Iron oxides show promising performances as electrocatalysts for the electrochemical water splitting, which is considered a sustainable method for the production of green hydrogen. However, iron oxides undergo complex structural and chemical changes during electrochemical processes and the exact role played by iron species in electrocatalysis and specifically in the hydrogen evolution reaction (HER), has not been fully understood yet. Moreover, in alkaline conditions, given the scarcity of protons, also the dissociation of water should be carefully considered, therefore the full comprehension down to the atomic level of the HER requires the acquisition of detailed information about the local water structure and the hydroxyl binding energy. This thesis systematically investigates the water adsorption and dissociation in different experimental conditions as well as the redox transitions of iron (oxides). To tackle these problems, we applied the Surface Science method based on planar model systems, which are designed with atomic scale precision, and investigated through a reductionistic approach based on sophisticated techniques. To this aim, we prepared epitaxial iron oxides ultrathin films supported on Au(111) and investigated their interaction with water vapors and with the electrolytic environment. By combining electrochemical scanning tunneling microscopy, operando Raman spectroscopy, with cyclic voltammetry, we provided a comprehensive interpretation of all the surface phenomena taking place on iron surfaces in alkaline media in a wide electrochemical range from the HER up to 1.5 V vs reversible hydrogen electrode (RHE). The surface species that are stable in different conditions were identified and characterized at the atomic level. This information indicated that at the onset of the HER, an interfacial hydroxide FeOH(ads.), is significantly stable and shows higher catalytic activity than the metal. Moreover, by comparing the experimental data of planar ultrathin films with those of thicker films and even AuFe alloy nanoparticles (NPs), it was possible on the one hand to identify the specific phenomena related to special nature of ultrathin films, and on the other hand to confirm the large applicability of the knowledge elaborated on model systems even of practical systems. Finally, this study not only demonstrated the feasibility and relevance of operando studies of the model systems, but also suggests novel strategies to improve the performances of iron oxides-based catalysts.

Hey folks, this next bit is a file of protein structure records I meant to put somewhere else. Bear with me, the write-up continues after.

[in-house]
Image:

Iron Oxides Model Electrocatalysts for the Hydrogen Evolution Reaction / Yang, Jijin. - (2024 Mar 12).

Iron Oxides Model Electrocatalysts for the Hydrogen Evolution Reaction

YANG, JIJIN
2024

Abstract

Iron oxides show promising performances as electrocatalysts for the electrochemical water splitting, which is considered a sustainable method for the production of green hydrogen. However, iron oxides undergo complex structural and chemical changes during electrochemical processes and the exact role played by iron species in electrocatalysis and specifically in the hydrogen evolution reaction (HER), has not been fully understood yet. Moreover, in alkaline conditions, given the scarcity of protons, also the dissociation of water should be carefully considered, therefore the full comprehension down to the atomic level of the HER requires the acquisition of detailed information about the local water structure and the hydroxyl binding energy. This thesis systematically investigates the water adsorption and dissociation in different experimental conditions as well as the redox transitions of iron (oxides). To tackle these problems, we applied the Surface Science method based on planar model systems, which are designed with atomic scale precision, and investigated through a reductionistic approach based on sophisticated techniques. To this aim, we prepared epitaxial iron oxides ultrathin films supported on Au(111) and investigated their interaction with water vapors and with the electrolytic environment. By combining electrochemical scanning tunneling microscopy, operando Raman spectroscopy, with cyclic voltammetry, we provided a comprehensive interpretation of all the surface phenomena taking place on iron surfaces in alkaline media in a wide electrochemical range from the HER up to 1.5 V vs reversible hydrogen electrode (RHE). The surface species that are stable in different conditions were identified and characterized at the atomic level. This information indicated that at the onset of the HER, an interfacial hydroxide FeOH(ads.), is significantly stable and shows higher catalytic activity than the metal. Moreover, by comparing the experimental data of planar ultrathin films with those of thicker films and even AuFe alloy nanoparticles (NPs), it was possible on the one hand to identify the specific phenomena related to special nature of ultrathin films, and on the other hand to confirm the large applicability of the knowledge elaborated on model systems even of practical systems. Finally, this study not only demonstrated the feasibility and relevance of operando studies of the model systems, but also suggests novel strategies to improve the performances of iron oxides-based catalysts.
Iron Oxides Model Electrocatalysts for the Hydrogen Evolution Reaction
12-mar-2024
Iron Oxides Model Electrocatalysts for the Hydrogen Evolution Reaction / Yang, Jijin. - (2024 Mar 12).
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Utilizza questo identificativo per citare o creare un link a questo documento: https://hdl.handle.net/11577/3511906
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